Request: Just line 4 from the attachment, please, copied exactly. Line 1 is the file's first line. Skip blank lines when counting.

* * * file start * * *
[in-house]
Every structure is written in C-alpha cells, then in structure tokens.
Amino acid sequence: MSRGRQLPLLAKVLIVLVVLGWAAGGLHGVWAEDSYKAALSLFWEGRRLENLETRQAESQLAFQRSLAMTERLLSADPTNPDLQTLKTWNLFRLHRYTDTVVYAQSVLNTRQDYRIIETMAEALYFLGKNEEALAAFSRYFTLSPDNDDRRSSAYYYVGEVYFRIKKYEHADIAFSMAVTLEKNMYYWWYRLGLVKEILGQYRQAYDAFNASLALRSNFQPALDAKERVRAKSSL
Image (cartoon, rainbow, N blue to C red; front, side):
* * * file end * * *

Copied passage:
Image (cartoon, rainbow, N blue to C red; front, side):